Ultrafast and high-throughput N-glycan analysis for monoclonal antibodies.

mAbs

PubMedID: 27082290

Yang X, Kim SM, Ruzanski R, Chen Y, Moses S, Ling WL, Li X, Wang SC, Li H, Ambrogelly A, Richardson D, Shameem M. Ultrafast and high-throughput N-glycan analysis for monoclonal antibodies. MAbs. 2016;1-12.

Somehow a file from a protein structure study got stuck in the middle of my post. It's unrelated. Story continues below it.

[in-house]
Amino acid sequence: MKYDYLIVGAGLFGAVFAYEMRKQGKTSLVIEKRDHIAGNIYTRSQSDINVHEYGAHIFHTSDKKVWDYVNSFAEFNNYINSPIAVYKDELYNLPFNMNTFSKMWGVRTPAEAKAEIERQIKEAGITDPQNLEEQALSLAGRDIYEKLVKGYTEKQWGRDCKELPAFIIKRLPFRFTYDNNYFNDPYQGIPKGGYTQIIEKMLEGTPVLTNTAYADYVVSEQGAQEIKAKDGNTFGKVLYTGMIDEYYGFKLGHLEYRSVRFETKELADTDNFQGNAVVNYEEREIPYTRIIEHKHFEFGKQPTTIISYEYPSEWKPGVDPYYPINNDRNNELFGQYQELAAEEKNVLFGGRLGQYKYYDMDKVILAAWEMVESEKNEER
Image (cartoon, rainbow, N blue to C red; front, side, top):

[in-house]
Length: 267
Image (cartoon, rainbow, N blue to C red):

Glycosylation is a critical attribute for development and manufacturing of therapeutic monoclonal antibodies (mAbs) in the pharmaceutical industry. Conventional antibody glycan analysis is usually achieved by the 2-aminobenzamide (2-AB) hydrophilic interaction liquid chromatography (HILIC) method following the release of glycans. Although this method produces satisfactory results, it has limited use for screening a large number of samples because it requires expensive reagents and takes several hours or even days for the sample preparation. A simple and rapid glycan analysis method was not available. To overcome these constraints, we developed and compared 2 ultrafast methods for antibody glycan analysis (UMAG) that involve the rapid generation and purification of glycopeptides in either organic solvent or aqueous buffer followed by label-free quantification using matrix-assisted laser desorption/ionization-time of flight mass spectrometry. Both methods quickly yield N-glycan profiles of test antibodies similar to those obtained by the 2-AB HILIC-HPLC method. In addition, the UMAG method performed in aqueous buffer has a shorter assay time of less than 15 min, and enables high throughput analysis in 96-well PCR plates with minimal sample handling. This method, the fastest, and simplest as reported thus far, has been evaluated for glycoprofiling of mAbs expressed under various cell culture conditions, as well as for the evaluation of antibody culture clones and various production batches. Importantly the method sensitively captured changes in glycoprofiles detected by traditional 2-AB HILIC-HPLC or HILIC-UPLC. The simplicity, high speed, and low cost of this method may facilitate basic research and process development for novel mAbs and biosimilar products.